The Museum of Anthropology will feature “Gazing at the Contemporary World: Japanese Photography from the 1970s to the Present,” during its first ever showing in the United States, from January 24 to March 31, 2012. The traveling exhibition, which has toured the world since its inception in 2007, is co-sponsored by the Museum of Anthropology, Wake Forest University, the Japan Foundation, and the Consulate General of Japan in Atlanta.
The exhibit provides an overview of the diverse photographic expression that has emerged in Japan since the 1970s. It is divided into two sections. The first, “A Changing Society,” focuses on the appearance of human beings as members of society. The second, “Changing landscapes,” focuses on changes in landscapes appearing in cities, suburbs, rural villages, and nature. The exhibit features text in both English and Japanese.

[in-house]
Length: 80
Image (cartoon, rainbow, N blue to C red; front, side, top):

The decades featured in this exhibit saw many dramatic transformations: a period of rapid economic growth, the bubble economy that emerged in the late 1980s and the long economic stagnation of the 1990s that followed, the development of a high-level consumer culture, the information revolution, the growing concentration of population in cities, and the loss of traditional communities, especially in rural areas. However, these photographers who looked seriously at the present age in Japan reveal something more than the social changes defined in these summary explanations. The photographs capture an atmosphere of the times that can never be fully described in words. The images showcased in this exhibit make this unique atmosphere accessible even to people who are unfamiliar with contemporary Japanese culture. A little time and imagination can transport the viewer halfway around the world to a society that is both remarkably similar to and distinctly different from our own.